It’s Obama… Hilary… no, it’s Superdelegate! by John Ostrander
We’ve now had the Pennsylvania Primary and I guess one of the candidates saw their shadow because it looks like we’re going to have six more weeks of Primaries. It’s like the end of the first Rocky film – we’re getting to the end of eighteen rounds and neither fighter can score the knockout blow. And both fighters are looking beat to hell.
I’ll make my preferences known upfront. Between Barack Obama and Hillary Clinton, I prefer Barack Obama. There’s a variety of reasons but let’s just say that, while I prefer Obama, I could support Clinton if she won the nomination. I can’t reward the Republican Party for eight years of screwing the country by voting to put another Republican in the White House. I admire John McCain as a person but he’s for continuing some policies that I think are ruinous.
That said, there’s one scenario I can conceive that I think would keep me from voting Democratic. It involves the super-delegates and it’s more likely to involve a Clinton candidacy than an Obama one.
Right now, the math doesn’t favor the Senator from New York. Obama’s lead is sufficient that, given the way the Dems award delegates proportionally in primary votes as opposed to the “winner take all” method that the Republicans use, Clinton won’t win the nomination based on either delegate count or popular vote. She’s makes claims to having “won” the Michigan and Florida primaries and argues that she should get those delegates. That would certainly help her but those primaries were already disallowed by the DNC; no one campaigned in Florida and Obama’s name wasn’t even on the ballot in Michigan. Yeah, it’s messy and it cheats the voters in those two states and the DNC pulled a boner in handling the situation but you don’t hand the votes to Senator Clinton. She didn’t really earn them; the results aren’t valid.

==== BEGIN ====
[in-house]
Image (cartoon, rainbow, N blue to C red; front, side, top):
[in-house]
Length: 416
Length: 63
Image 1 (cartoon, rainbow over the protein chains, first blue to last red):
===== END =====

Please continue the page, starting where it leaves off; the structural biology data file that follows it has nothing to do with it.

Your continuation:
Her real hope lies with the so-called “super-delegates” – the appointed, anointed delegates. After the McGovern reforms of 1968 opened up the party by reducing the power of the party bosses, new rules were introduced in 1982 to seat delegates not elected by primaries or caucuses but seated because they were leaders of the state parties, or they were the Democratic governors, the Democratic members of Congress and some others. The purpose was to “moderate” the votes of the elected delegates to insure that the candidate nominated would be the most “electable.” Since that time, we’ve had one – count ‘em, folks; ONE – Democratic presidency, that of Bill Clinton. Two out of six elections. Thank heavens for them superdelegates, huh? Do they know “electable” or do they know “electable”?
The superdelegates now account for about 20% of the total delegates and Hilary is counting on them to make her the 2008 Democratic Presidential nominee. Those are the delegates she really has to win to get the nomination. That’s where I have my problem – if Obama has the lead in the elected delegates AND the overall votes and the superdelegates decide Hillary is the more “electable” and hand the nomination to her, I don’t know as I would be able to vote for her. The same would be true if it was Senator Obama getting anointed but that’s not how it’s likely to play out.
The superdelegates are inherently UN-democratic. They’re designed for that purpose. In a close delegate count such as this one, they look to be the deciding factor. If they decide against the one who is the leader in delegates and the popular vote, then what was the purpose of all these primaries, of all the sound and fury, which went before?